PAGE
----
Long before anyone dropped the test-tube or chowed down on the bat that loosed Covid-19 upon us, the World Health Organization had already declared mental illness a global epidemic. I know we are all experiencing a measure of what the media is calling “COVID Fatigue”. We are all thoroughly sick of it. Having it. Talking about it. The whole nine yards. However, we need to be mindful of the ways that the pandemic is continuing to make us sick in insidious, far less than obvious ways. The worldwide statistics for anxiety, depression and self-harm were alarming before the COVID phenomenon. Over the last eighteen months they have escalated from alarming all the way to potentially apocalyptic! A cursory glance at current data will quickly see off any traces of doubt even in the minds of the most cynical.
Young Australians are bearing the brunt of the impact of the mental illness tsunami. The mental toll on our young people is truly staggering. Witness the following data recently published in the Australian in March this year:
- According to a poll taken in February, among over a thousand sixteen to twenty four-year-olds, one in four young Australians had thought about suicide over the past two years and fifteen per cent had attempted self-harm.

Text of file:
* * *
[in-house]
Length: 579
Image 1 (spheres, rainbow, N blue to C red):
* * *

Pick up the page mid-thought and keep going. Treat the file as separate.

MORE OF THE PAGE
- Eighty-two per cent said they had experienced mental health issues during COVID-19 lock-down.
- Those aged sixteen to twenty four were most likely to report symptoms of anxiety (seventy five per cent) and depression (sixty two per cent).
- Forty-two per cent said their mental health issues had become worse and eleven per cent said their mental health issues were caused by the impact of the pandemic.
We are still estimating the damage wreaked upon the world by Covid-19, but the aftermath from a mental health perspective is very sobering indeed. The mental health system has been completely overwhelmed. GPs, headspace centers, and emergency departments have been inundated and the dwindling workforce is exhausted. As of now, the new-patient waiting lists of many psychologists and psychiatrists has blown out to more than six months! Professor Patrick McGorry, executive director of Orygen, the National Centre of Excellence in Youth Mental Health, said mental ill-health in young people was at crisis point and that it was “an urgent national priority”. And this could indeed be an understatement. What are people supposed to do while they wait six months to see a mental health professional? We must answer this question – and soon.
This is no Chicken-Licken the-sky-is-falling alarmist patois. Make no error; we are in deadly serious doo-doo.
So what should we do about it?
In order of priority:
- Find a way to ease the suffering of those who find themselves in the grip of mental illness having already driven over the edge of the metaphorical cliff.
- Use the power of new media and digital distribution to help millions of people simultaneously. In other words, help practitioners treat more than just one patient at a time.
- As much as possible, we need to give people the tools and the power to help themselves.
- Use psychological education in general and early intervention in particular, to stop people going over the cliff and falling into serious mental illness in the first place.
We touch on a number of these issues in our recent Webcast in which we interviewed Professor Philip Morris. You can watch the webinar here.